The Center for Teaching & Learning Excellence at the University of Utah has developed a Quality Course Framework Online Tutorial site that demonstrates the essential elements of a quality course and shows faculty how to design and develop a quality course. https://utah.instructure.com/courses/33024
The tutorial specifies four phases in the course development process and six essential elements for a quality course. Detailed explanations are provided for each phase with examples, checklists, videos, and design templates.
This type of online tutorial presents numerous benefits for faculty. It provides faculty with a one-stop workshop on quality course development, accessible at the convenience of faculty’s own time and location. It also helps promote a culture of and best practices for quality teaching on campus.
When we saw UTAH’s site, we contemplated the creation of something similar for our faculty who uses ELMS to teach at UMD. After one year of development, we have come up with 5 Canvas courses, each focusing on key competencies required in content development, communication, collaboration, and assessments.
The interactive self-paced courses we have created not only serve as guides and resources for faculty’s efforts in designing ELMS courses, but also emulate the best practices that enhance quality course design. These courses are now available in Canvas Catalog. Check them out. https://umd-dit.catalog.instructure.com/
I would like to share some e-books I read recently.
The author compares the popular Disney princesses as e-learning issues. He also provides an action tip for each issue.
Check out this infographic 🙂
Gamification is hot new trend in e-learning industry and will continue to remain so according to the author of the first e-book listed above. This book offers guidance for designing and implementing effective gamification initiatives. The author offers 22 best practices and the topics include identifying goals, game design, the role of leaderboards etc.
I hope you enjoy these books!
Continue reading e-books
We instructional designers always try to identify the most effective ways to engage learners online when creating tutorials or learning objects. Yet, it’s too easy to create learning which falls into the “information shoveling” type, a bunch of slides with audio added on top with no or minimal interaction between the learners and the content. Letting our ID mind run free with engagement strategies feels like a tough game sometimes.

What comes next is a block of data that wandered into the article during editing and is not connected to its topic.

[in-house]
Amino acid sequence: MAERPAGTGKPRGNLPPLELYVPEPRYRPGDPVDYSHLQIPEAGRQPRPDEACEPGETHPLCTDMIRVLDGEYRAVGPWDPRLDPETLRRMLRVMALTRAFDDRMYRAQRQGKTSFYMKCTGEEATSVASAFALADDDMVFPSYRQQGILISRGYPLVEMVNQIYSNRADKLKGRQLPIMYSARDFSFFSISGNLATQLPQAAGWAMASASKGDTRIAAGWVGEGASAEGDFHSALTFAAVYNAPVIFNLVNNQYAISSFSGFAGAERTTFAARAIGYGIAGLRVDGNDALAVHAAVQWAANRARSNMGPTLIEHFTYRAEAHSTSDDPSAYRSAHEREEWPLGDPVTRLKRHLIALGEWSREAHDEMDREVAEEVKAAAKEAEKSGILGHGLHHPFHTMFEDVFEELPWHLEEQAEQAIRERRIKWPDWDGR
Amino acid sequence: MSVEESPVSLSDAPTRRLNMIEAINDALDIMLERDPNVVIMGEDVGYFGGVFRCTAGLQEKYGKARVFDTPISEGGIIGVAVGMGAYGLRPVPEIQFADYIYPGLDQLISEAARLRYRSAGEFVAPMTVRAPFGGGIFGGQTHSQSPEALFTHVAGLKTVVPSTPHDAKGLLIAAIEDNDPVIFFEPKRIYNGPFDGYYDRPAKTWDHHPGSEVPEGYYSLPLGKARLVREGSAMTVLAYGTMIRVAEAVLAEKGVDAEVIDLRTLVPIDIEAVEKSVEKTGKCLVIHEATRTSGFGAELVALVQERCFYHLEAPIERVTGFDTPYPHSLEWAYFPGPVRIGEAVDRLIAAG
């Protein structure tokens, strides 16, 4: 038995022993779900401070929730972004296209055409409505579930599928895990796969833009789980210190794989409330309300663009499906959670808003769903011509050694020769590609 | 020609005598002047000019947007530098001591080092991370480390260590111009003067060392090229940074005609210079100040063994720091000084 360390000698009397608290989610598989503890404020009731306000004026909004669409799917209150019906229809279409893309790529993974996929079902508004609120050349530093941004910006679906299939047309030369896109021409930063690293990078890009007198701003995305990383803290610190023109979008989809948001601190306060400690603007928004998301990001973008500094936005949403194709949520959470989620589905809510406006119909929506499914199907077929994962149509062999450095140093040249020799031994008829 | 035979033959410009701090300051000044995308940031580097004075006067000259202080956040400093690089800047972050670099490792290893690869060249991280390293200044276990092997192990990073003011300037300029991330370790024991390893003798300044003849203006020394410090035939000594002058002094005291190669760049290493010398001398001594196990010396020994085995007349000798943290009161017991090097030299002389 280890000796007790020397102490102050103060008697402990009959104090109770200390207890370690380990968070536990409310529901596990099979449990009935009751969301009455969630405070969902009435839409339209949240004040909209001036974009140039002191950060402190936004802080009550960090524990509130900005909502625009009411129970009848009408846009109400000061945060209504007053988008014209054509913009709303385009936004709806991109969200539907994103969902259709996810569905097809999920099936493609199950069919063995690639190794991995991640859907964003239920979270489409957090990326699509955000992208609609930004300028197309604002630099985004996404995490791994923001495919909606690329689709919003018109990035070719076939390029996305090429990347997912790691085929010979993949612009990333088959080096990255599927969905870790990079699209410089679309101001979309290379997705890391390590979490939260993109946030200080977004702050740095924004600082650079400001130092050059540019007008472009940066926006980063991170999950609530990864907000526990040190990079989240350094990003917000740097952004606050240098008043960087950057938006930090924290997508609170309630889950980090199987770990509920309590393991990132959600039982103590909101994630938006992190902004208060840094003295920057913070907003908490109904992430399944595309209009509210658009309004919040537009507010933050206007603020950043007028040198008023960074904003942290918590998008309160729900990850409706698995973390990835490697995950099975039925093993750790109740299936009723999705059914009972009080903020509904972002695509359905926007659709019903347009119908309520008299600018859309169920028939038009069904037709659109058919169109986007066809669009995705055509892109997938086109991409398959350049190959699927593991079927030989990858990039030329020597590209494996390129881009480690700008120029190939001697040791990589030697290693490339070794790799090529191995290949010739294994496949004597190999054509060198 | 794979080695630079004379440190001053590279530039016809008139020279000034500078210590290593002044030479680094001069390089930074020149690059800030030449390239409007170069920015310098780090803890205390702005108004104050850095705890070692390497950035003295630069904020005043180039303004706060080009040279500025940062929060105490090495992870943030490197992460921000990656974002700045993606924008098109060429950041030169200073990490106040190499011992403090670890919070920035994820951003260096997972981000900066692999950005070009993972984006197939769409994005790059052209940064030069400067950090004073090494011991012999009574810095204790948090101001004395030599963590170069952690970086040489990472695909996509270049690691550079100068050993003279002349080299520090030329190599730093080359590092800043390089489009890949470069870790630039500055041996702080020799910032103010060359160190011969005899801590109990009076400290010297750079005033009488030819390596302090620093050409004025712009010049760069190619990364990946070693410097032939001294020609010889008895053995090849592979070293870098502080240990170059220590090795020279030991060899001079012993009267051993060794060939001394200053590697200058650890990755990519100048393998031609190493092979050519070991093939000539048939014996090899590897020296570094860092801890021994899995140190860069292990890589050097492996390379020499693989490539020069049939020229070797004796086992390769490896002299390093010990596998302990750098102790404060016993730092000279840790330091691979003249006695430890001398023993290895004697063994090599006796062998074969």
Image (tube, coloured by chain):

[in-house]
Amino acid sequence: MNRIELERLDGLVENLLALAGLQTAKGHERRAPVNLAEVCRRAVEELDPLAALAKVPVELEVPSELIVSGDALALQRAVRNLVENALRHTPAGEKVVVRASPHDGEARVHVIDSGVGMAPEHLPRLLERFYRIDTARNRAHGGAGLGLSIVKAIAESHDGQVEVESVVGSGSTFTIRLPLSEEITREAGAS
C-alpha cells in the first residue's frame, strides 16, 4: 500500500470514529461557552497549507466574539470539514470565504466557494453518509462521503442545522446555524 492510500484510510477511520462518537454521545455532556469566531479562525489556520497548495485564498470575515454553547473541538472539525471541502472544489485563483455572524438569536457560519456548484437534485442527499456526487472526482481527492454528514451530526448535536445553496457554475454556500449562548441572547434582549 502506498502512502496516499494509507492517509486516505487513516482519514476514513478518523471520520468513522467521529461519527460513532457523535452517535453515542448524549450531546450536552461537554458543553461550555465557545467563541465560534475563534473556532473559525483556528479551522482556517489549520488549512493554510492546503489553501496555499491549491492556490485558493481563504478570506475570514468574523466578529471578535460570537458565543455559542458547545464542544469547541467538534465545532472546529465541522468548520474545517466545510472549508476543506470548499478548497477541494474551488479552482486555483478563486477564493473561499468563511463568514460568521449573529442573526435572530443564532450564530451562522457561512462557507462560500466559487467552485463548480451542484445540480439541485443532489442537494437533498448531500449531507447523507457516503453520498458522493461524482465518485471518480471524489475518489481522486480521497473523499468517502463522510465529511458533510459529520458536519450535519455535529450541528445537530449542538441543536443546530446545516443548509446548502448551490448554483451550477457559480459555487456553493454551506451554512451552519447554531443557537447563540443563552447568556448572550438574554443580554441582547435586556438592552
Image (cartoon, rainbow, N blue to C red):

Cathy Moore, an internationally recognized instructional designer, shares her answer to the question, “how do I design engaging learning?”. The answer actually sounds simple: designing the learning in a way where your learners will enjoy exploring it as much as you enjoyed creating it.
So, the key word is “exploring” instead of “receiving”. Let learners explore and experiment. Avoid the information dump and make our training learner-focused.
In her blog, Cathy Moore shares some great engagement strategies including providing practice activities, and using a mini-scenario. Do not push information out, and let learners pull information in instead. Check her blog out.
Find more education infographics on e-Learning Infographics
How to really involve learners
Call it an anti-plagiarism tool or a tool that detects originality, TurnitIn is going to represent a change in the way many faculty review and grade assignments delivered through ELMS. As you experiment with the tool in umd.test.instructure.com and talk with the faculty that you support, please share your thoughts about best practices for the tool and best practices for its use.
I recently returned from a 2-week visit to the University of Edinburgh, thanks to a grant from the UMD Global Partnerships program for my proposal “Sharing Best Practices in Accessible and Inclusive Learning Between the University of Maryland Learning Technology Design and the University of Edinburgh Institute for Academic Development.” I’ll be presenting about my experience at the ITL Conference in May, but I’ve also been keeping a blog during the trip. Although I’ve been back for about a week, I continue to process what I learned and how I can use this experience to inform my work in accessibility, and in instructional design in general. So although the trip is over, I plan to keep writing at the blog as I continue to process everything I have experienced. My latest post is an attempt to sort through some of this, so I hope you enjoy:
Lessons Learned (Part 1)
If you are interested in learning more about the Global Partnerships grant program, I’d be happy to answer any questions about my experience. It is truly a wonderful opportunity provided by the University.
The 3rd annual Mid-Atlantic Group Instructing with Canvas (MAGIC) conference will be held on Friday, April 7 at Howard County Community College (Columbia, Maryland). Conference coordinators are looking for proposals to present on topics related to
- innovative pedagogical strategies
- agile LMS administration
- assessment and learning metrics
- faculty development and implementation
- other ideas you might want to contribute
Deadline for submitting a proposal to present is March 8. Submit at: http://www.canvasmagic.org/cfp/ (Presenters receive free conference registration.)
Conference registration is also now open at a fee of $27.49.